Olive Films releases of The Madness of King George and Stay Hungry

The B-Movie Isle: An Olive Films Double Feature

The B-Movie Isle a small written (sometimes) weekly companion piece to the B-Movie Podcast.

Every B-Movie is an Isle onto itself.  The B-Movie Isle recommends a few films either being released or already released in theaters, VOD, streaming or on Blu-Ray/DVD.  These are not going to be blockbusters but those movies you’ll probably find in the door buster clearance bin.  Films that people told you weren’t worth your time or you may have not heard about.  You and I know they’re just un-enlightened to the beauty of a killer B-Movie!!!  This issue we’re looking at two wonderful Blu-Rays from Olive Films!


The Madness of King George – Blu-Ray

The Film: What a delight when you realize that a film is as good as you remember it being.  The Madness of King George is the sort of light on its feet costume drama that transcends the genre to be something more than awards bait.  I still remember seeing the film at 16 years old and being blown away by how unconventional it was to the genre.  Those expected some sort of stuffy, stogy film can look elsewhere.  This is as punk rock as costume dramas get.

The film is about the Regency Crisis of 1788.  This political “crisis” was essentially a power play by different parties in Parliament that’s partially triggered by the loss of America a little over a decade in the past and the King’s increasingly erratic behavior.  This sounds dreadfully boring, I know, but in the hands of director Nicholas Hytner it’s truly great cinema.

The film is anchored by two amazing performances in Nigel Hawthorne and Helen Mirren as King George and Queen Charlotte.  Though Hawthorne has the showier role, Mirren is just as good if not better than Hawthorne.  Mirren makes her thankless role look effortless and meatier than it really is.  Both actors were nominated for Academy awards for their work.

From the opening moments with the King using the bathroom, one will delight in how much this film subverts your every expectation.  Hytner’s knowing direction.  A strong screenplay by Alan Bennett, who adapted his own play. Great historical locations.  Exception performances.  All make this a film a great nearly forgotten jem.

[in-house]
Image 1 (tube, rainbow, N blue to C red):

The Transfer: The transfer procured by Olive Films is beautiful.  Its razor sharp and black levels are perfect.  Much of the film is shot in shadow and by candle light, which is perfectly represented here.

The Extras: No special features were included on this release.

The Bottom Shelf: The Madness of King George is a film for those that have a distaste for stuff costume dramas as it manages to be anything but.  The dark humor and great performances lift this way beyond your normal costume drama.  Highest possible recommendations.

Stay Hungry – Blu-Ray

The Film: Stay Hungry is one of those deceptively good crime caper comedies that are in short supply nowadays.  Nimble on its feet with a great younger Jeff Bridges performance and the true beginning of Arnold Schwarzenegger’s career, the film is designed to be entertaining.  The film doesn’t really show the Governor to be as the Action Superstar he would be.  As depicted through Rob Rafelson’s lens Joe Santo (Schwarzenegger), the Austrian body builder is like Kane from Kung-Fu.  It is to say that Santo is also the antithesis of what we of the Schwarzenegger in his early career.

Part of the fun of the fun of the entire enterprise is Schwarzenegger’s performance which is so different than the work the action films even early in his career the legend was known for. The other half of the fun is seeing Bridges at maximum youthful charm as the very definition of a rapscallion or as Princess Leia is fond of saying a scoundrel.  Bridges as Craig the loutish rich kid should be the very definition of awful and unwatchable but Rafelson and Bridges manage to create a character that’s infinitely watchable as he tries to con and scheme his way to fortune.

Part of the brilliance of Rafelson’s film is that it plays both the crime portions deadly serious not to make it anything less than dangerous.  Because he respects both the comedy and the crime in the film Stay Hungry is made all the better for it.

The Transfer: The transfer is solid.  The film shot in the same sort of documentary-style that Rafelson preferred looks great in High Definition.  There’s a nice sheen of grain to the transfer to make you feel like it’s a freshly struck archival print.

The Extras: No special features were included on this release.

The Bottom Shelf: Stay Hungry is one of those unexpectedly great 70’s era gems that have become all but a footnote in everyone’s career.  Recommended.

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